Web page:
2022 NFMLTA-NCOLCTL Graduate Research Support Grant Recipients


University of Minnesota

Saem Heo is a PhD candidate in the Department of Curriculum and Instruction at the University of Minnesota. Her research interests include multimodal literacy pedagogies for students with diverse backgrounds, especially those having refugee backgrounds, in elementary language immersion contexts. With several years of domestic and international teaching experiences, she has taught undergraduate courses in the Teaching English as a Second Language (TESL) program at the University of Minnesota. Her current research focuses on the ways in which immersion teachers enact multimodal literacy pedagogies to promote refugee-background students’ immersion language learning in elementary Korean language immersion classrooms.

Marina Tsylina

University of Wisconsin – Madison

I am a PhD Candidate in Second Language Acquisition at the University of Wisconsin-Madison. My research interests focus on how research informs teaching and curriculum planning. For my dissertation, I am investigating FL Russian learners’ perceptions of their Russian writing skills in instructed learning through the lens of their identities, juxtaposing the viewpoints that learners have of three groups of people: the learners themselves, their teachers, and Russian native speakers. I am honored to receive the 2021 NFMLTA-NCOLCTL Research Award, and I am excited about the opportunity to share the results of my research with the community of like-minded people at the NCOLCTL Annual Conference.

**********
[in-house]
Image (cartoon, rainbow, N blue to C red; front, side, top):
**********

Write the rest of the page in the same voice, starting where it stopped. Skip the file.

Elizabeth Huntley

Michigan State University

I am deeply honored to receive the 2021 NFMLTA-NCOLCTL Research Grant in support of my doctoral research. Both NFMLTA and NCOLCTL have worked tirelessly to create spaces where questions relevant to the language classroom and to less commonly taught (but no less important) languages can be discussed. My dissertation focuses on how Arabic language learners can acquire both Modern Standard Arabic and spoken Arabic dialects. By funding my research, NFMLTA and NCOLCTL are helping us to better understand the role that sociolinguistic variation – a feature of nearly all of the world’s natural languages – plays in the acquisition of vocabulary and grammar.

Junyuan Chen

University of Arizona